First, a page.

Rx Opioids Up Pneumonia Risk in Patients With, Without HIV
Risk greatest with higher-dose opioids and opioids with immunosuppressive properties
MONDAY, Jan. 7, 2019 (Pharmacist's Briefing) -- Prescribed opioids are associated with an increased risk for community-acquired pneumonia (CAP) requiring hospitalization among persons with and without HIV, according to a study published online Jan. 7 in JAMA Internal Medicine.
E. Jennifer Edelman, M.D., from the Yale School of Medicine in New Haven, Connecticut, and colleagues assessed the association of prescribed opioids with CAP by opioid type and HIV status in a nested case-control study using data from the Veterans Aging Cohort Study (25,392 participants; 2000 through 2012).
The researchers found that the greatest CAP risk was associated with current medium doses of opioids with unknown or no immunosuppressive properties (adjusted odds ratio [aOR], 1.35) and with immunosuppressive properties (aOR, 2.07) as well as current high doses of opioids with unknown or no immunosuppressive properties (aOR, 2.07) and with immunosuppressive properties (aOR, 3.18) compared with no prescribed opioids or any past prescribed opioid with no immunosuppressive properties (aOR, 1.24) and with immunosuppressive properties (aOR, 1.42), especially with current receipt of immunosuppressive opioids. CAP risk was consistently higher among individuals living with HIV with current prescribed opioids, particularly immunosuppressive opioids, compared with uninfected patients (aORs for current immunosuppressive opioids with medium dose, 1.76 versus 2.33).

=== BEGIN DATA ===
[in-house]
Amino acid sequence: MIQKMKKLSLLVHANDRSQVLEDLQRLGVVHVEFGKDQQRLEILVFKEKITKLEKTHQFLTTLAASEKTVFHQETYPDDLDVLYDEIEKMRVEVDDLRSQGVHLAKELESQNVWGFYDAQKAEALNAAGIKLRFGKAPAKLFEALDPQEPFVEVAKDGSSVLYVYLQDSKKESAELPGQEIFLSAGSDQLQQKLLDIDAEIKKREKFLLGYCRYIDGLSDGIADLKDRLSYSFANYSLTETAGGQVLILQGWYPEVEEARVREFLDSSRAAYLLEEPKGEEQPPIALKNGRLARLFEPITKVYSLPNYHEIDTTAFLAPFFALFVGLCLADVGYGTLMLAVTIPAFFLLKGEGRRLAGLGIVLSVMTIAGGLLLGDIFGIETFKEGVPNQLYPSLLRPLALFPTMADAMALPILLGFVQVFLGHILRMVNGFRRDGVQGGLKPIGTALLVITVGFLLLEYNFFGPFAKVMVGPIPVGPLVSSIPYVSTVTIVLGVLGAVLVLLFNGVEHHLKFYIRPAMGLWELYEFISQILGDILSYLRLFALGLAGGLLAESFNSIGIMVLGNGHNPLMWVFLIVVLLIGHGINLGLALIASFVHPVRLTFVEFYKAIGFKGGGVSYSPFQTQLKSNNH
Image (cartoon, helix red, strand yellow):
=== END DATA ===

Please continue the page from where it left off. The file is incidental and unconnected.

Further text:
"[The study] lends credence to the hypothesis that opioids have effects on the immune system that are clinically relevant," Edelman said in a statement.